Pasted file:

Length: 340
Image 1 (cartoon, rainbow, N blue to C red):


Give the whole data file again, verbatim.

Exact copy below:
Length: 340
Image 1 (cartoon, rainbow, N blue to C red):